Z: Stinky?

Me: Yes. So the bottom line is that you can eat a birdie if you can catch one, but not in the machina.

Z: ...

Me: Or, I could just make some chicken to eat at home.

Z: Okay...I like chicken?

Me: YES. Let's just make that our plan.

And then I drove home and got a chicken out of the freezer to thaw. The end.

Saturday, September 17, 2011

Let Me Throw a Couple of Photos at You

Zinashi's book of choice this week has been Children Make Terrible Pets. Little did we know--until Nicole called and told us, that is--that the author, Peter Brown, was going to be in town Friday night. How serendipitous! Of course we went, and of course we bought the new book, You Will Be My Friend, and of course Zinashi had it signed. She really liked Peter Brown, but you can't tell how much by the way she's standing kind of far away from him in the photo.

zinashi and peter brown
I promised that he didn't bite on Fridays, but she did not take my word for it until later, when she came up and smacked his arm to say good-bye. Sorry about my child's violent farewell tendencies, Peter.

Peter was super nice, and Zinashi and I both highly recommend that you visit him on his book tour. If you're not close to one of the places he has yet to visit, please at least buy his fabulous books. You will love them, we promise.

As if meeting the author of one of our favorite books wasn't enough, we also had a birthday party to attend this weekend. A birthday tea party, actually. I think we all know that if you are going to a tea party, you have to dress kind of fancy, right? Let us give you an example of an appropriate outfit:

this is how we dress for tea parties
If the flower on your hat is not bigger than your head, that's okay. Not great, but okay.

After those two events, it's hard to expect the weekend to get any better, isn't it? But somehow we have lined up a little brunch tomorrow, so I think we are just hitting the jackpot. This weekend wins at everything.

Friday, September 16, 2011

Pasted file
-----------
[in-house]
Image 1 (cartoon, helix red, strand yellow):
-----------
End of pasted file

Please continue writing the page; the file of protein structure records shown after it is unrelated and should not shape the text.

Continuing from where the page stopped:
Chilly Friday

It appears that fall is here. Hooray! It feels so good to me; I wilt in the heat. Zinashi is embracing fall as well, as it is the cause for wearing more accessories. This morning, she walked out onto the porch to check the weather, then popped back into the house to declare that she needed gloves.

she insisted on gloves today, for herself and her ababi
The hat was my idea.

You may notice that Zinahsi is holding a banana here; we have been doing a lot of breakfasts in the car lately. I still prefer family meals, but none of us seem to be able to get out of bed in time to sit down at the table before we need to leave to get Jarod to work. I could blame changing seasons or the fact that Zinashi has been waking up sometimes in the night, but I think the real culprit is Netflix. First I was obsessed with Mad Men, and now I've discovered that my favorite show of all time, Felicity (stop laughing!), has just been added to the Watch Instantly list, and now I can't seem to persuade myself to go to bed without watching "just one more episode." (Just one more! I swear! And then I'm going to bed! Really!) Then the next morning, I can't seem to get out of bed without a struggle. Since I usually start the morning ball rolling by getting my face washed before anyone else needs the bathroom, I'm pretty sure that my Felicity addiction is the reason my child is often found eating a banana and some bunny crackers in the car for breakfast. I guess no mom is perfect, and I will settle for my current bit of imperfection being slightly ridiculous.

(Somebody else who likes Felicity needs to hop in right here and go, "Mary. I KNOW." And then don't blame me if you didn't realize that Felicity is streaming on Netflix, and you are no longer sleeping as much as you were before.)

Thursday, September 15, 2011

I'll Stand By You